So what’s it like to stay at a Hare Krishna Guesthouse? There were constant calls to prayer by both bells and singing starting at four a.m. Ben and I slept through these, but Brook, being an early morning person, was up and at the Bikram yoga meditations and chanting each day.

Over 10,000 pilgrims a day visit the temple to participate in the highly festive constant singing, praying, religious rituals. Brightly colored gods receive garlands of flowers, incense, lighted candles and chanting. There are also those who throw themselves flat on the ground in prayer.

By the time we left, we had adjusted to life at the temple. We too ended each sentence with “Hare Krishna..” So it sounded something like this…”We would like three teas. Hare Krishna.” ~ “Good morning. Hare Krishna.”

The largest Hare Krishna temple in all of India. Right here, in the middle of the hotel. Bright colors match the happy spirit and boisterous singing. The words are simple….you guessed it… “Hare Krishna, Hare Krisha.. Hare, Hare, Krishna, Krishan” Repeat. Repeat. Repeat.
This was our awesome balcony where we practised yoga each day with Brook ~ our own private yoga teacher, with a “touch of anatomy”.

As it happens, another friend met in Nicaragua, Monica, has been living in Bombay for a year now. Monica is a fellow animal lover who has a long history working with monkeys, starting in Africa.

What brought her to Mumbai? A love of the Brazilian martial art form Capoeta which has a centre in Mumbai. What kept her in Mumbai? Falling in love with an Indian guy, also a Capoeta aficionado.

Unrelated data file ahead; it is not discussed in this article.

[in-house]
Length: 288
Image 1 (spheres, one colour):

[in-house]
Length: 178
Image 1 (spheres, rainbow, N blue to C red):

Macacco, Monica and Peta.
It’s rare for Hindu temples to allow non Hindus inside. This one in our neighbourhood was the exception. Part of the ritual involves seriously loud bell ringing. Brook is up to the task!
Long garlands of flowers for temple attendees being sold outside the Hindu temple and Hare Krishna center.
Local color on our neighborhood street.
At Bombay airport, the three of us take a plane to Delhi together for a day there before Brook heads back to the U.S.

In Delhi we find ourselves staying in the middle of a large market area in a working class neighborhood. We are here for two days ~ Brook is heading back to the States and Ben has some business meetings in Delhi.

The street is full of early morning rickshaw drivers.
Getting ready for Diwali, the biggest celebration religious and secular holiday all rolled into one ~ The Indian New Year. Diwali is called the Festival of Lights. Houses and streets are strung with small lights, people buy new clothing and eat all manner of sweets and desserts for a sweet new year.
Hindu posters of gods for sale outside a temple on a street in the market in Delhi.
The streets around our neighborhood are teaming with Diwali shoppers.
Marygold prayer garlands used to decorate people’s homes, cars, shrines and temples
Hinduism is characterized by a mind-blowing number of gods and demi-gods.  Here, Haruman, the Monkey God.
Hindu goddess in the Monkey Temple

All the shopping and temple going activities stir up a hunger for dosa.  Luckily, dosa stands are omni-present.

Dosa is a popular breakfast item. Here a vendor is making three of them at once, swirling the batter, turning and rolling. The line of customers is constant.
Breakfasts are served fast and furious. Stand at the counter, eat, make room for the next customer.
Crispy and thin dosas broken off with ones right hand and dipped into the various chutneys which are served with dosa.
Looking pretty in peach. Breakfast companion at the dosa stand.
The streets in Delhi are always full of surprise and color. A group of blind religious men in bright orange, playing music are part of the crowd going by.